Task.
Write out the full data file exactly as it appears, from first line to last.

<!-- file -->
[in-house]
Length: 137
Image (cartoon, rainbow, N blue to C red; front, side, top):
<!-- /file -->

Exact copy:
[in-house]
Length: 137
Image (cartoon, rainbow, N blue to C red; front, side, top):